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October 19th, 2014 • Posted in Authors and Books

The strangely similar deaths of Oscar Wilde and Edgar Allan Poe

Okay, after having recently read Ellmann’s biography of Oscar Wilde, and just finished Kenneth Silverman’s biography of Edgar Allan Poe, I’m getting a little tired of authors who die miserably, in extremely squalid circumstances. Oscar died poverty-stricken in a seedy Parisian hotel – Edgar broke, in hospital, after having been rescued from a dive bar, drunk or stoned/medicated out of his tree, wearing someone else’s clothing.

Oscar was diagnosed with encephalitic meningitis, probably brought on by syphilis contracted as a young man. Here’s Ellmann:

“At 5.30a.m., to the consternation of Ross and Turner, a loud, strong death rattle began, like the turning of a crank. Foam and blood came from his mouth during the morning, at ten minutes to two in the afternoon Wilde died…He had scarcely breathed his last breath when the body exploded with fluids from the ear, nose, mouth and other orifices The debris was appalling.”

As Ellmann puts it in the epilogue:

“It was ostracism – more or less – by two groups, those who could not bear his homosexuality and those who could not bear his requests for money.”

“English law had misdone him by punishment, and English society finished him off by ostracism”

According to Joseph Evans Snodgrass, the Baltimore editor and physician who rescued Poe from Gunner’s Hall tavern in Baltimore, “Poe was sitting in an armchair surrounded by onlookers”. Silverman continues “Poe had a look of “vacant stupidity.” He wore neither vest nor tie, his dingy trousers fit badly, his shirt was crumpled, his cheap hat soiled. Snodgrass thought he must be wearing castoff clothing, having been robbed or cheated of his own.”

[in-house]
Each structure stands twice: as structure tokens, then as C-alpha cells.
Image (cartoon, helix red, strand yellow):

A Dr. John J. Moran at the Washington Medical College hospital, to which Poe was driven, “diagnosed Poe’s condition as encephalitis, a brain inflammation, brought on by “exposure.” This explanation is consistent with the prematurely wintry weather at the time, with Snodgrass’s account of Poe’s partly clad condition, and with Elmira Shelton [a love interest]‘s recollection that on leaving Richmond Poe already had a fever. Both explanations may have been correct: Poe may have become too drunk to care about protecting himself against the wind and rain. Whatever the cause, the poet who above all others worshipped Poe also keenly sensed how much his death at the age of forty was demanded of him. “This death was almost a suicide,” Charles Baudelaire remarked, ” a suicide prepared for a long time.”

Both Oscar and Edgar were buried with fewer than 15 people attending each of their funerals. Today both graves receive the attention of thousands of literary pilgrims.

I’m hoping the subject of the next literary biography I read wont end quite so tragically.  Here’s the Literary Tourist list of all things Edgar Allan Poe. 

October 17th, 2014 • Posted in Authors and Books

Connecting with Oscar Wilde

I’ve just finished reading Richard Ellmann’s splendid biography of Oscar Wilde. Filled with telling detail about the man and his times, illuminating insights and deep empathy, the work is one of the most engaging I’ve ever read. Here’s how it ends:

“His work survived as he had claimed it would. We inherit his struggle to achieve supreme fictions in art, to associate art with social change, to bring together individual and social impulse, to save what is eccentric and singular from being sanitized and standardized, to replace a morality of severity by one of sympathy. He belongs to our world more than to Victoria’s. Now, beyond the reach of scandal, his best writings validated by time, he comes before us still, a towering figure, laughing and weeping, with parables and paradoxes, so generous, so amusing, and so right.”

Biography, when written this well, joins reader and subject in ways that only true-life friendships can approach. I felt a real void after finishing this book, and, to bring in literary tourism, a desire to explore the various places and books referred to therein. With this in mind, here’s the Literary Tourist list of all things Wildeian.

September 18th, 2014 • Posted in Authors and Books

Pablo Neruda – Die Slowly

 

The poet as a young man

Pablo Neruda – Die Slowly

He who becomes the slave of habit, 
who follows the same routes every day, 
who never changes pace, 
who does not risk and change the color of his clothes, 
who does not speak and does not experience, 
dies slowly. 

He or she who shuns passion,